As nuns we have very little say in how Mass is celebrated and must sometimes grit our teeth when our personal susceptibilities are ‘offended’, but that doesn’t mean that the Mass is any less valid, any less important, any less wonderful. Indeed, paradoxical though it be, there have been times when a lacklustre liturgy and a weak homily have had the effect of highlighting the extraordinary nature of what we are about.

I should be sorry to end this post without some encouragement. I am heartened by the number of people who desire to pray with the Church and who devote time and effort to doing so. It has been a joy to me personally, and to our community generally,  to help some discover the riches of the Church’s tradition and to make a form of daily prayer an integral part of their lives. It has also been a joy to be able to share in Masses that were beautiful in every detail. But the greatest joy of all is knowing that prayer in the Church is unceasing, that at every hour somewhere in the world Mass is being celebrated, and that we are all part of that.

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16 thoughts on “The Simple Approach to Liturgy and Prayer”

  1. I was blissfully unaware of the Cardinal’s comments about the use of an electronic device for praying the Office but I find it wrong in so many ways. Utter Tosh in fact!
    The Universalis App allowed me easily to pray Evening Prayer (or other offices depending on visiting time) at her bedside with my late mother in her nursing home. It continues to allow me to open the Mass Readings of the day on my phone at any point of the day, wherever I am and have the time and space to pray and meditate on them.

  2. The digital age has got to be the most effective form of evangelism since Christ.
    In many townships in Africa large screens are the only means to follow the Mass.
    Here in Italy many elderly priests use ipads due to poor sight.
    Sorry but here is another proof of the Vatican being out of touch with everyday life.

  3. Thinking of those communities in Asia that you drew our attention to yesterday. They may be without any books at all. Give a nun an iPad , perhaps?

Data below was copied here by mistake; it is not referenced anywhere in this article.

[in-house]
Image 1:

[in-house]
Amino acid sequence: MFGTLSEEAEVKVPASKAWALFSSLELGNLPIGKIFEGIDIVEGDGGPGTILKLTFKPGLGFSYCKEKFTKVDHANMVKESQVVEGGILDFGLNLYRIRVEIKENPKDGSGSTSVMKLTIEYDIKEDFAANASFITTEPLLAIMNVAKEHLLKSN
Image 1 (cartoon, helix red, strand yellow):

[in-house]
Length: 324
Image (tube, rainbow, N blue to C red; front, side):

4. Thank you! I wasn’t aware either of the Cardinal’s remark. It was my first priest who introduced me to Universalis. I’d be lost without it.

  5. I too value having Universalis to avail of when travelling. That was my primary reason in acquiring a Kindle then an iPad. I can think of one occasion when I agree with Cardinal Sarah: in a catechetical session at the Madrid World Youth Day when a Bishop used his device from which to preach. It didn’t come across well because it appeared to be a means of capturing young people’s attention and trying to be up-to-date. That may not have been his intention at all, I hasten to add. But he was clearly not comfortable with it and his fussing about was truly a distraction. And on occasion when an iPad has been used to replace a Missal, I use ‘custody of the eyes’ as the best means of coping!

  6. I have used my iPhone for years for the Mass readings. It is lightweight and convenient. However, the device is also used for other, more secular, purposes. I suppose it could, therefore, be considered ‘unworthy’ but I personally love the combination of sacred and secular, divine and human elements of life.

  7. So balanced.
    Often the debates seem to articulate more a sort of prissy, High-Culture, snobbery, or dare I say, Ritual Epicureanism…

    The day Thou gavest, Lord, is ended,
    The darkness falls at Thy behest;
    To Thee our morning hymns ascended,
    Thy praise shall sanctify our rest.